A scientific e-poster presented at the 2022 ARRS Annual Meeting highlighted how the COVID-19 pandemic disproportionately affected inhabitants of underserved communities.
“Our lung cancer screening program serves a diverse, impoverished inner-city population,” said presenting author Ali Farhat of the Bronx’s Albert Einstein College of Medicine in New York, NY. “The present study evaluates the impact of COVID-19 infection in this cohort.”
Between March 2020 and June 2021, Farhat and colleagues retrospectively reviewed charts for COVID-19 infection—positive SARS-CoV-2 PCR, positive antibody test, documented infection in electronic medical record—as well as for hospitalization and mortality. The initial 3-month data were presented at the 2021 ARRS All-Virtual Annual Meeting. Noting both demographics and comorbidities, bivariate analysis evidenced a significance level of p < 0.05.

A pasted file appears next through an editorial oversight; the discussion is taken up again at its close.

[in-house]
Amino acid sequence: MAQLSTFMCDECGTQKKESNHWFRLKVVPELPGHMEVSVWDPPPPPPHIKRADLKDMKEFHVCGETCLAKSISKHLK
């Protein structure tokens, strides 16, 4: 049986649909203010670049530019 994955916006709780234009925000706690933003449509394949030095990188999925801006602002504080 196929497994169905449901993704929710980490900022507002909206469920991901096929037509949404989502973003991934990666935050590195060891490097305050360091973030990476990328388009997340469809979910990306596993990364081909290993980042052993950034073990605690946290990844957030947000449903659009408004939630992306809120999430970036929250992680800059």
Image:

“Approximately 9% of our diverse inner-city lung cancer screening cohort developed COVID-19 during the first 16 months of the pandemic,” Farhat et al. continued. Almost one-third of infected patients were hospitalized, and mortality measured 6.9% among infected patients. Ultimately, mortality and hospitalization were significantly associated with multiple comorbidities.Back To Top
ARRS E-Poster Illustrates COVID-19 Impact on Lung Cancer Screening in the Bronx. Appl Radiol.